Frozen organics

Inside a thermokarst lake, vegetation hangs where solid permafrost used to support it. Microbiological activity releases carbon when the ice melts as the frozen microbes begin breaking down the frozen organic matter. 'Methane is 23 times more efficient than CO2 at trapping solar heat over a 100-year period', says Vladimir Chuprov, head of the energy unit at Greenpeace Russia. Videos on youtube show the amount of organic gases trapped under a frozen lake, such as this one in Alaska.

Photo 12 of 26 in Permafrost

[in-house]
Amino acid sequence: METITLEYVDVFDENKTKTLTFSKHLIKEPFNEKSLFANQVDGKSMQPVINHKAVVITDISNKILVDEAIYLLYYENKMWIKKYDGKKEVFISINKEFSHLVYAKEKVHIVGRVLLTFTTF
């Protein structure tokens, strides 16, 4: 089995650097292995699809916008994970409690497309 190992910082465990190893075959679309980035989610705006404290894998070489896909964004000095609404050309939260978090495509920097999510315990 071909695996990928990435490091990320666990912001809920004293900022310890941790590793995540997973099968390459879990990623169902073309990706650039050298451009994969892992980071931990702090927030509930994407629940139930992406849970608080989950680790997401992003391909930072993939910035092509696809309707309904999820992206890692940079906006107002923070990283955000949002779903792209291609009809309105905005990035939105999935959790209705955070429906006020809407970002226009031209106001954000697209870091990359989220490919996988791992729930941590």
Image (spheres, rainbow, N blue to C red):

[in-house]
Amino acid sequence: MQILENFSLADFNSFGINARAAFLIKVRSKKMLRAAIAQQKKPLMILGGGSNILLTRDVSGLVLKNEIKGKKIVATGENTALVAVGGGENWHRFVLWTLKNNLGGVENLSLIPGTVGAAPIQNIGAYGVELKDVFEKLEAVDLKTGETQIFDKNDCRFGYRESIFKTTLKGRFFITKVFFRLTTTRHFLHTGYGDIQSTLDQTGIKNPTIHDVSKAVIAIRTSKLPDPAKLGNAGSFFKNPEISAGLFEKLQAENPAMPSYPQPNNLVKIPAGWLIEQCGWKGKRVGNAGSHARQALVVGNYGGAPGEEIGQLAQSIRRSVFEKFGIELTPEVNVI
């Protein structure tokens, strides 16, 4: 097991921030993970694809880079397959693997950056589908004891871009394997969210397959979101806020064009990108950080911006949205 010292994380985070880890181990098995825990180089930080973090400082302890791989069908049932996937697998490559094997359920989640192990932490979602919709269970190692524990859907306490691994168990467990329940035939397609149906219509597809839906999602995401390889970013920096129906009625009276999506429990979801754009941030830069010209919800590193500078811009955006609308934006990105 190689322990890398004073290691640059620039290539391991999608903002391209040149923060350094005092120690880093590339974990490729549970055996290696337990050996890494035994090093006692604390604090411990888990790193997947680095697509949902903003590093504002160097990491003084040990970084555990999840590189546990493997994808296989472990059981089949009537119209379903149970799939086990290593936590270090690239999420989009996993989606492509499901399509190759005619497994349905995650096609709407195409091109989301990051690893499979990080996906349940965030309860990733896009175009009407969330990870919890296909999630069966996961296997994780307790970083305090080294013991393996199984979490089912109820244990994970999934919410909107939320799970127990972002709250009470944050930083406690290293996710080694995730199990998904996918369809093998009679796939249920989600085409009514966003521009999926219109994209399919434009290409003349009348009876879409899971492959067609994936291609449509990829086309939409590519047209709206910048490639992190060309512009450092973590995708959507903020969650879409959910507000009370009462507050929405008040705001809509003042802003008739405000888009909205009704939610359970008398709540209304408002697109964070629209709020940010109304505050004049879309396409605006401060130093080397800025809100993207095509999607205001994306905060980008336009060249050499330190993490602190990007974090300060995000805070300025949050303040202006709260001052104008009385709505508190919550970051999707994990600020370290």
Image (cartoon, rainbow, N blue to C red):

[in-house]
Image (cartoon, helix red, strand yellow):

56.6862°N, 124.674°E
Inside a thermokarst lake, vegetation hangs where solid permafrost used to support it. Microbiological activity releases carbon when the ice melts as the frozen microbes begin breaking down the frozen organic matter. 'Methane is 23 times more efficient than CO2 at trapping solar heat over a 100-year period', says [link http://www.greenpeace.org/russia/en/press/releases/greenpeace-russia-warns-the-go Vladimir Chuprov], head of the energy unit at Greenpeace Russia. Videos on [link http://www.youtube.com/watch?v=oa3M4ou3kvw youtube] show the amount of organic gases trapped under a frozen lake,  such as this one in Alaska.
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